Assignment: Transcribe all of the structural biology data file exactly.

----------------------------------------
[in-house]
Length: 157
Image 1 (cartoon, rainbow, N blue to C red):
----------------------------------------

[in-house]
Length: 157
Image 1 (cartoon, rainbow, N blue to C red):